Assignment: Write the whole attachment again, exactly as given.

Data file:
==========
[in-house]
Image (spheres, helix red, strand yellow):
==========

[in-house]
Image (spheres, helix red, strand yellow):